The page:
Help Is Hope

A List Of Resources For Mental Illness, Abuse, And Sexual Assault


New art on the empathy wall encourages hope.

Emily Swanson, Staff Writer

Life can be hard, there’s no denying. However, some students have to go through more problems than what seems fair. On the bright side, there are plenty of resources online for a variety of problems. Here is a list of resources for mental illnesses, abuse, and sexual assault.

Some people will report being hopeless when suffering mental illnesses, but many of them are treatable. It all starts with getting help. Thankfully, the internet provides mental health help better and more accessible than before. The National Alliance on Mental Illness (NAMI) helpline, 1-800-950-NAMI (6264), is open on weekdays 10am-6pm. For 24/7 help, you can text NAMI to 741-741. The crisis counselors on the other end can help you find resources in your area, but they can’t provide therapy or call the police. If you are expressing suicide ideation, they will connect you to the National Suicide Prevention Line: 1-800-273-TALK (8255).  For more resources, click the following links.

Abuse can be present through different people in someone’s life. It can be seen in parents, siblings, friends, partners, or anyone in their life. According to loveisrespect.orgthe types of abuse are physical, emotional/verbal, sexual, financial, digital, and stalking. For information on warning signs, click here or here. Advocates of the National Domestic Violence Hotline are able to be reached 24/7 by calling 1-800-799-SAFE (7233), or through their online chat service. This service is available for survivors and victims of all types of abuse.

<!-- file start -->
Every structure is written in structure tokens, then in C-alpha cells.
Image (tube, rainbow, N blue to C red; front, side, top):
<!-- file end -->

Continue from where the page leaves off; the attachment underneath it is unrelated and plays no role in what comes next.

Finally, sexual assault is not uncommon for high school students. In fact, teen girls ages 16-19 are 4x more likely to be victims of sexual assault. Sexual assault is all forms of unwanted sexual contact, including rape, being touched, and verbal comments. The hotline for sexual assault is 800-656-HOPE (4673). You will  be connected to a sexual assault service provider who can give you local resources offline. The service is confidential, however, if you are in danger then the provider on the other end would, by law, have to contact local authorities. It’s possible to take legal action against the perpetrator, depending on the nature of the case. Women’s Law is an organization to help sexual assault survivors do just that, regardless of gender. Visit this link for an extensive list of resources for specific situations.

There is help for all situations. Healing starts with reaching out.